Pope: To be honest, when we decided to step away from live shows, we had no idea what we would be doing with the band. We deliberately left the message very ambiguous because we were unsure. We started working quickly on new music, it just wasn’t going to be The Amenta. This is something that we’ve tried a few times before, not consciously, but it seems to be where we go after a big project like an album. After our first album, 'Occasus', Erik and I decided to start a side band to explore some other ideas. After a little while, we started work again on The Amenta and those ideas got plundered, reworked, and revamped and became the seeds of the n0n (2008) album. This time, after 'Flesh is Heir' and all that touring, Erik and I started writing for a new project. We even had a name for it and several very rough demos. I think this is a subconscious attempt to buy ourselves some freedom from our own pressure to sound a certain way. A new project has no history, so it is easy to try all sorts of weird shit without feeling like you are straying too far from the past.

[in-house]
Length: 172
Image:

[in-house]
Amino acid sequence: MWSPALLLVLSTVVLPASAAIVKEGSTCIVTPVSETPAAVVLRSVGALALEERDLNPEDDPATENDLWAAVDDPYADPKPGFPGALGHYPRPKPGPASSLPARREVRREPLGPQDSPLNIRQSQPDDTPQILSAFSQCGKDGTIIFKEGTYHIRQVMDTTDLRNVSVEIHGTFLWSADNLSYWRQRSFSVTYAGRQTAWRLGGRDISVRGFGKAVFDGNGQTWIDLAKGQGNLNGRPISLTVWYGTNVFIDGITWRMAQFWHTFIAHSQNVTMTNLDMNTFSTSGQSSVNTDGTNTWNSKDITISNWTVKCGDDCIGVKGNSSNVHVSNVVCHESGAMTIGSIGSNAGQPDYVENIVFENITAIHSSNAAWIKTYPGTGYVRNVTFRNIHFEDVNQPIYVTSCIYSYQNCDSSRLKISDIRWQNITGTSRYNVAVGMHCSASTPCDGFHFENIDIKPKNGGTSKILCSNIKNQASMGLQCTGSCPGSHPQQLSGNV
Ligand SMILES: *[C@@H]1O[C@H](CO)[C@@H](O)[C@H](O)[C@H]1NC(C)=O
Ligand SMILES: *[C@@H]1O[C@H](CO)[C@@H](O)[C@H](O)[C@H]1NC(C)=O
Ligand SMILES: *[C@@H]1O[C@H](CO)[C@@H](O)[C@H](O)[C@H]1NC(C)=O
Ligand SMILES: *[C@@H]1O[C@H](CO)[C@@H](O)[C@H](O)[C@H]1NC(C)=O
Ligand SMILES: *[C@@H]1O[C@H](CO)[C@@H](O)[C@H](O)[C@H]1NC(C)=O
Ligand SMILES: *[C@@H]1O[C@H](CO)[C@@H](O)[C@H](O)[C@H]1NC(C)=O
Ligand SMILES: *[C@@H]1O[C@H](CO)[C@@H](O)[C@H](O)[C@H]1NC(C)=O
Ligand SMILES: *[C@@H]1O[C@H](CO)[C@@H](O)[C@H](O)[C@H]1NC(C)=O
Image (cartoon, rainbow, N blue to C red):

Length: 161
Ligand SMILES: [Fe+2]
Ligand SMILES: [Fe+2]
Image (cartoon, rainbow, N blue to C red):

After a few months of this, we realized that our hearts were still very much full of The Amenta, and concurrently, we realized that many of those ideas could, with a slight change of instrumentation, become the seeds of an interesting new direction for us. I think we started really working on the music for 'Revelator', as The Amenta, in 2016. From there, it was a tortured journey to get the material to the place you hear now. We demoed songs, tore them apart, rewrote them, and tried all sorts of different techniques to find the ideas that were the most exciting and the most “new”. I think we knew in 2016 that the band would return in some form, it was just a matter of working out what form.
But this seems to be the M.O for The Amenta, Tim. You have mentioned that you want to keep yourselves excited and inspired. It’s been this way since day one of the band. Can you comment on this mindset as opposed to churning out albums ever 2 years or so?